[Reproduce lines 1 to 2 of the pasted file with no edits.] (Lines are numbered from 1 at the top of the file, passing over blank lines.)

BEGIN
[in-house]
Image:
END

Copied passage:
[in-house]
Image: